Fraud Awareness Week gives us an opportunity to familiarise ourselves with some of the ways fraud can occur. And this is a good time to give you with some easy tips and information on financial security and safety.
Home support often takes place in a person’s own home. Some people may be more at risk than others of being the victims of financial abuse or theft of belongings. Although Mycare conducts criminal history checks and vets all workers before allowing use of the platform it is still wise to be vigilant and take steps to protect your personal property.
Protecting your bank details
Mycare promotes keeping all cash, debit cards/credit cards and cheque books stored securely out of sight. If you are an organiser for a senior family member or a family member with a disability and are worried that your loved one might lose track of their spending or be vulnerable to financial abuse, we recommend that you ensure cash is secure during booked worker visits and that debit/credit cards and cheque books are either stored offsite or stored securely.
If a support worker is required to make purchases for the client then ask them to provide all receipts, then check receipts to ensure only authorised items were purchased, and check receipt amounts against bank statements. In these situations it may be best to have a prepaid debit card loaded with the required amount of money. Do not leave cash or debit/credit cards lying about the home. With the boom in online shopping and the ease of making online purchases it is vital to keep all debit/credit cards out of sight. It is very simple to take a picture of the front and back of a credit card and make online purchases.
If you are out with a support worker and need to pay for items, it’s safest to use payWave so you don’t have to type in your PIN number, especially as there could be times when you are unable to access an Eftpos machine for example when purchasing fuel. Or, when you are planning an outing, check the relevant websites for the cost of any activities and have the correct amount of cash on you.
It pays to keep your full date of birth unknown to your workers as this information can also be used to access your private information. And, of course, never divulge your PIN to anyone.
Email and online scams
Beware of emails and websites that ask for personal details such as date of birth, address, drivers licence, passport details or bank account details. Many scams these days appear in the form of an email from your bank. Once the fraudsters have your bank details they can access your identity and your money. If you think you have been a victim of fraud, change your online banking passwords immediately and contact your bank immediately. Never give anyone else access to your account. To be protected and eligible for reimbursement for any losses, you must have taken the necessary steps to protect yourself. Your bank will then protect you. If you contact your bank immediately to alert them if you suspect fraudulent activity, your accounts can be frozen to prevent further transactions and appropriate investigative measures can be taken. Your bank will never ask for your login details and/or passwords so beware of any emails from ’banks’ that ask for this, no matter how legitimate the email appears.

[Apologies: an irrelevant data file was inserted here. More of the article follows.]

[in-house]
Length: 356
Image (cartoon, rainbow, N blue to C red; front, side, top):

How to spot signs that you/your loved one or the person you support may be the victim of financial abuse
- Monitor bills and check bank statements
- If bills are left unpaid or large sums of money have been withdrawn from a person’s bank account, this could indicate either they’re not managing financially or they may have been scammed.
- Beware of unusual or seemingly unneeded purchases in the home
- These items could have been sold by unscrupulous cold callers or telesales companies. You only have a set amount of time to report fraud to your bank to have your money refunded.
- Look out for unexpected changes to the person’s house
- This could include incomplete renovations, missing valuables or workers visiting to carry out unnecessary work.
- Beware of sudden new friends or acquaintances
- In particular, beware of those who the person says are inquiring about moving in, taking trips together or making joint financial commitments.